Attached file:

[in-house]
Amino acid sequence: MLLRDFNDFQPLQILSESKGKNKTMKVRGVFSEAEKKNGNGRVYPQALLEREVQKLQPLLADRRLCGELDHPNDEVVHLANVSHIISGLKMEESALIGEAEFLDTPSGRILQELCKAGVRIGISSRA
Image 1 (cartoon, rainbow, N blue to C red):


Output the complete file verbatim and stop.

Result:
[in-house]
Amino acid sequence: MLLRDFNDFQPLQILSESKGKNKTMKVRGVFSEAEKKNGNGRVYPQALLEREVQKLQPLLADRRLCGELDHPNDEVVHLANVSHIISGLKMEESALIGEAEFLDTPSGRILQELCKAGVRIGISSRA
Image 1 (cartoon, rainbow, N blue to C red):